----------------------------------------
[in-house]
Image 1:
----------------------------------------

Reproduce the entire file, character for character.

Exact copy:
[in-house]
Image 1: